1. RED RIDING TRILOGY (2009) -- Watch all three parts of this trilogy in one six-hour sitting and you have yourself one of the best, darkest, most complex and enthralling movie-watching experiences of the year. Originally aired on British TV and based both on actual events and a fictionalized book series, it traces the search for the infamous Yorkshire Ripper over a number of years, from several different angles, using various intersecting storylines and characters. Part noir, part crime thriller, part introspective study of human nature, the trilogy features stellar filmmaking from three directors, all of whom use different techniques and perspectives; outstanding performances from such actors as Andrew Garfield, Rebecca Hall, Sean Bean and Paddy Considine; plenty of dark and brutal visuals and unsettling events. It’s a dense work that requires lots of attention to detail, but it’s well worth the effort. My biggest movie regret of 2010 was missing this when they showed the complete trilogy at the IFC Center for like $20 -- but that is why God created the glory that is Netflix!
Other Noteworthy Titles (in no particular order):
Barry Munday. Me and Orson Welles. Battle Royale. Cannibal Holocaust. Two of Us. The Brothers Bloom. The Cove. The Slammin' Salmon. Pirate Radio. After.Life. Tyson. Diner. Trucker. Deathtrap. Get Carter. Dirty Rotten Scoundrels. The Italian Job. Dead Ringers. I Spit On Your Grave. Audition. Dead Snow. In the Loop. Cactus Flower. The Secret in Their Eyes. Escape From New York. Bad Lieutenant: Port of Call New Orleans.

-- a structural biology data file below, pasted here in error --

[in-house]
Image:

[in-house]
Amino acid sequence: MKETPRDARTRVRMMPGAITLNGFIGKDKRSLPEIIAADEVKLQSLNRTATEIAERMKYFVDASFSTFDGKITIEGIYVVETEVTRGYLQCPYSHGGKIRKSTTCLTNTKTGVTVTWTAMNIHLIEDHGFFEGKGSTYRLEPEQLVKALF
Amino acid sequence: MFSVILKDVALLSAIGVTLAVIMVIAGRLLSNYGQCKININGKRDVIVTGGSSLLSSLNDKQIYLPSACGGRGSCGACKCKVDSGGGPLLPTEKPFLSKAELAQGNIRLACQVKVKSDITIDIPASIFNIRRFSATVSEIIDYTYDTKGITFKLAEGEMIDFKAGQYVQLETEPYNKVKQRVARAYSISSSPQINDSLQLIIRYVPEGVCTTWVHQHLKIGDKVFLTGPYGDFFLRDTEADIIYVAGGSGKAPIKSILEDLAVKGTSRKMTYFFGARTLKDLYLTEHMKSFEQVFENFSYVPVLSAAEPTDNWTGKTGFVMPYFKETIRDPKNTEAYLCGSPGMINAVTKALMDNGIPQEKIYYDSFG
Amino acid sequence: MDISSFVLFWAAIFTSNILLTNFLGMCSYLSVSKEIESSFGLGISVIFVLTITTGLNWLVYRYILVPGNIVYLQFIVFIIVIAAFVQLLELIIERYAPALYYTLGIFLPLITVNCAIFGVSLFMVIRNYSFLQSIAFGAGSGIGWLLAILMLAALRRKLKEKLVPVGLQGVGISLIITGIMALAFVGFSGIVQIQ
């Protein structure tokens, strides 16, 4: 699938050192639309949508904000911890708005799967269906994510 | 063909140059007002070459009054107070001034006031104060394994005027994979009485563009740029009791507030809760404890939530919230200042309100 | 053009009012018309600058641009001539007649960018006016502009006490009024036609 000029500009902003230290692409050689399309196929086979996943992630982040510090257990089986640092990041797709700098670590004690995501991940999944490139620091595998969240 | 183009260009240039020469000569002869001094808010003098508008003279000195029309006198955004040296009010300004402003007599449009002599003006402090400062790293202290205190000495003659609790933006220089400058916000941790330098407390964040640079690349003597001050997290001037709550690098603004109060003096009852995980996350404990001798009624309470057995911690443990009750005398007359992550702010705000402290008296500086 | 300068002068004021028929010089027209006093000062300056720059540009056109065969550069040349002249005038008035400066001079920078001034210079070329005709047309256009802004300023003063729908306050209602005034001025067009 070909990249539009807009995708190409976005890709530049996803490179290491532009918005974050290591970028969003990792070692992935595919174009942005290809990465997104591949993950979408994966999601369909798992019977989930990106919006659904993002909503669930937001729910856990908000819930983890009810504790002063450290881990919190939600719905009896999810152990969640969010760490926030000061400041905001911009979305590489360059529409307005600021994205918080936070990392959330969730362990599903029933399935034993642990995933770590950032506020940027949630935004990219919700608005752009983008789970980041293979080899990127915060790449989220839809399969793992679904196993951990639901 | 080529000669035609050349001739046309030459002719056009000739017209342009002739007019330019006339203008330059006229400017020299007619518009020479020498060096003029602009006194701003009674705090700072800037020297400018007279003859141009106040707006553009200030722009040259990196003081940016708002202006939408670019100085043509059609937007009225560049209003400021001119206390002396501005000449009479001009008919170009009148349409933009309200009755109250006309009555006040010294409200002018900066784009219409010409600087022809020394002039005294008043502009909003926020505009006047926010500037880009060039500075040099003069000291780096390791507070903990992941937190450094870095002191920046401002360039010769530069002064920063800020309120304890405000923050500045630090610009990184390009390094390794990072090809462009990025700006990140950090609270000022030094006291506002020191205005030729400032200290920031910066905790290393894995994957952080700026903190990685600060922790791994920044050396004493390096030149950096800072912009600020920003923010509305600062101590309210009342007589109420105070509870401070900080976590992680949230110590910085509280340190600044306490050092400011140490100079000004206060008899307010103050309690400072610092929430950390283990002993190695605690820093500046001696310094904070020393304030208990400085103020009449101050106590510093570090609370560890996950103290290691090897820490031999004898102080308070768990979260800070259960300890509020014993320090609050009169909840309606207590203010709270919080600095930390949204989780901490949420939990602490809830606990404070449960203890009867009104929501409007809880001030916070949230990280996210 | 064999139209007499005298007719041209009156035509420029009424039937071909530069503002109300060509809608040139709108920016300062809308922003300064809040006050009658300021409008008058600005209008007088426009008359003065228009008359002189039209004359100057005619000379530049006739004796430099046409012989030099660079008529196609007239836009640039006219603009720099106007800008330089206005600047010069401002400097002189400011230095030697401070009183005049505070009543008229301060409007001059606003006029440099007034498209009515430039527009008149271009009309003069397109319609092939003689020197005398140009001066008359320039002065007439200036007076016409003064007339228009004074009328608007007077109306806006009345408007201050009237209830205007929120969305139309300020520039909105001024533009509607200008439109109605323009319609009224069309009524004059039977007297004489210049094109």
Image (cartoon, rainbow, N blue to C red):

And now... The Top 10 WORST Netflix Rentals of 2010:
5. THE EXPLODING GIRL (2009) -- This kind of pretentious Brooklyn hipster bullshit is bad enough in real life; it’s even worse in this movie about a girl with epilepsy who must deal with her feelings and whatnot. Zoe Kazan has been touted as one of the better young actresses around, but she’s going to need to do better than this.